First responders to bacterial invasion identified

23rd October 2017
Source: KU Leuven
Posted By : Enaie Azambuja
First responders to bacterial invasion identified

When bacteria enter our body, they kick-start a powerful immune response. But this chain of reactions doesn't fully account for our immediate responses. KU Leuven researchers show that so-called ion channels play a key role as ‘first responders’. When we get a bacterial lung infection, the cells lining our airways are the first line of defence. These cells recognise the lipopolysaccharide molecules typically found on many bacteria, including the ones causing pneumonia.

This gives immune cells the signal to start attacking the invading bacteria. But powerful though this immune response may be, it's relatively slow and doesn't fully account for many of our body's immediate reactions, including inflammation and fever.

Researchers from the KU Leuven Department of Cellular and Molecular Medicine have now identified a rapid response mechanism against bacterial airway infections. The team led by Professor Karel Talavera Pérez and Dr Yeranddy Aguiar Alpizar found that the lipopolysaccharides also activate specific ion channels in the cells lining our airways.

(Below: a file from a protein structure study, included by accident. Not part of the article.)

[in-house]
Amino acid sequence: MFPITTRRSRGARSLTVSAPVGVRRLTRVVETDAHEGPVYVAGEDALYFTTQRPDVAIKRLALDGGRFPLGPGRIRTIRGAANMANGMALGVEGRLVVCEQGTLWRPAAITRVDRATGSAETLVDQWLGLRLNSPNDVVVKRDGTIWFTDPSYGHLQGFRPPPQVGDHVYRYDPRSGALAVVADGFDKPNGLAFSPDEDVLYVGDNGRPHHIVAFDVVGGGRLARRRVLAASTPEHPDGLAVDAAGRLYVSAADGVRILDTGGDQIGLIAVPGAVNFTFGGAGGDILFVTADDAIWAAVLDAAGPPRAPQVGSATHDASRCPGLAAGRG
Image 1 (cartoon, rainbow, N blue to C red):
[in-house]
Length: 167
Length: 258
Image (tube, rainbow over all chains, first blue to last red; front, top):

Our body's strategy to fight off bacterial infections is not limited to previously identified immune pathways. Ion channels are selective gates through which charged atoms enter and leave the cell. In the case of lung infections, the activated ion channels open to let calcium flow in. This, in turn, triggers a wide range of antibacterial responses in a matter of minutes.

"Our study shows that our body's strategy to fight off bacterial infections is not limited to previously identified immune pathways,” Professor Talavera explains. “So-called TRPV4 ion channels play a role as well: they are essential to our body’s earliest defence mechanism against bacterial invasion. If we want to develop more effective treatments, these ion channels are well worth investigating in greater detail.”

In previous studies, the KU Leuven researchers already linked ion channel activation by bacteria to the sensation of pain in mice and to how fruit flies detect the bitter substances in contaminated food.


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